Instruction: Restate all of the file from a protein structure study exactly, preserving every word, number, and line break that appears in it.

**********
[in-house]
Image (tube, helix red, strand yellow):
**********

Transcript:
[in-house]
Image (tube, helix red, strand yellow):